African Podcasters on TikTok – untapped possibilities as we uncover the potential of TikTok being the next big podcasting platform…
TikTok is well known for its super-short yet super entertaining video business model. However, this has only worked for podcasters who post audiograms or video snippets of their podcasts. As of March 2022, TikTok has introduced longer-form videos of up to 10 minutes long.
When you search the hashtag ‘podcasts’ on TikTok, it shows that the word has been viewed over 1.1 Billion times; however, when you search for African podcasts, it has only been viewed 282.7k times.
This means two things: that there aren’t enough people viewing African podcasters on TikTok, and that there is enormous potential for African Podcasters to infiltrate the TikTok market. The most successful ‘African’ podcasters are predominantly African-American or African-British podcasters, and one famous South African Podcaster.
Before introducing the 10-minute podcasts, podcasters like I Said What I Said (ISWIS) were posting 30 seconds or 1-minute clips of themselves recording their podcast in their living room or behind the scenes footage.
This is an excellent way of promoting your podcast and finding new audiences once you have already established and started your podcast. On average, an episode of the ISWIS podcast would be about 1hour, so they would probably continue using TikTok for marketing purposes.
Podcasts like Badilisha Poetry X-Change which have poetry episodes of 5 to 10 minutes, could use TikTok as a whole platform for their podcast by uploading audiograms or videos of their poetry.
The questionable side about doing this is whether or not consumers of TikTok are happy with the longer-form videos, and will they be pleased with longer podcast videos? If you are a regular TikTok user, you would have probably seen content creators having to post their videos in more than one part after being unable to share the entire story due to time constraints or people demanding the stuff be continued.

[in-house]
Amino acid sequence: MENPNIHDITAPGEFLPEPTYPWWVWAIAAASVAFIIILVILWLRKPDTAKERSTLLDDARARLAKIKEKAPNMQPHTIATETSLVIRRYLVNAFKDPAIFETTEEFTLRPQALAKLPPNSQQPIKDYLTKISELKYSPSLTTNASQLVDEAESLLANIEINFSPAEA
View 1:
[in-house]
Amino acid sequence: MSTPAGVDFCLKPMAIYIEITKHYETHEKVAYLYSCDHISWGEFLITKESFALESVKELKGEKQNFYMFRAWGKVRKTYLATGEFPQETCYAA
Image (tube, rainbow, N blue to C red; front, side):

If your current content requires more or you can create gripping content, then TikTok consumers will be ready to consume more. However, as you should already know, people generally have a very low attention span. They can only concentrate on something for short amounts of time, which is why TikTok was a genius for capitalising on that.
This means that people may not be so willing, for the most part, to sit through 10 minutes of content. This new feature is going to separate the great content creators from the average because if you were getting millions of views for your 30-second snippets it might be because those 30 seconds were enough for a person to watch without deciding to watch something else.
Now that videos are 10 minutes long, people will be able to choose to watch something else if they are bored. You will need to make sure that your content is worth watching for 10 minutes.
If you are going to use the video method and record yourself speaking on your mic, then I would suggest the following:
Invest in GOOD lighting. It’s rare these days to see a TikTok video that isn’t shot with a ring light or some sort of extra lighting. Great lighting makes the video easier to look at because the quality is immediately better. When your video has great quality, people will immediately assume your content must be good too.
Be aware of the format. TikTok videos are not the same as YouTube videos in that the videos are portrait rather than landscape, so if you are a podcaster who uses YouTube, you may have to edit your video to fit a portrait screen.
Be charismatic. People will no longer be relying on their ears to judge you, but visually you will also need to captivate your viewer. You don’t have to dance or create lots of crazy zoom and motion edits but make sure you express yourself consciously aware of your viewers. Look presentable and be yourself. It might be tempting to copy the style of famous TikTokers but don’t. Your tribe will find you.